John Veit, the point-shooting guy who’d like you to shoot a pistol with your second finger unless it’s a 1911 (see: index finger platform in pictures below), writes: At close quarters, a Halo Luminous Sight is faster and easier to use than the sights. With it you get automatic and correct sight alignment, and automatic and correct sight placement. [Ed: not to mention automatic and correct sight placement.] To use it, the tube is brought to eye level, and aligned left – right – up – down, until the inner walls of the tube are not visible and the halo affect appears . . .
The aligning process is amazingly easy and fast, and is effective when targeting both stationary and moving objects. Note that in the pic showing the halo affect, the front sight is a bit high. But a 21 feet or so, where most all armed confrontations occur, you would still be in the black.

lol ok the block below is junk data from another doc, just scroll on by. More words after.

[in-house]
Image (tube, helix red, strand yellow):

How it works:
The tube is the core of a Velcro hair roller and has a length of about 2.5 in., and a diameter of about .75 in. (6.5 cm x 2 cm), and a wall thickness of about 1/16th inch (2 mm).
The openings in the tube’s wall allow light into the tube, which illuminates the portion of tube’s wall that can be seen when aiming and the tube is not inline with a target.
The light also produces the halo affect when the tube is inline with a target by illuminating the small and uniform portion of the wall that can be seen when the tube is inline with the target.
You can “roll your own” at you own risk and expense. The tube is attached inline with the sights and/or bore, and a strip of double sided adhesive tape can be used for that.
Very High Bond tape, or a stronger bonding material should be used to prevent the tube from coming loose when shooting a firearm with a slide. The plastic is strong, flexible and very light. Test firings should be made to see how it works with your gun. It may be a good idea to have a gun-smith do the install work for you.
Always use common sense and safe gun handling practices.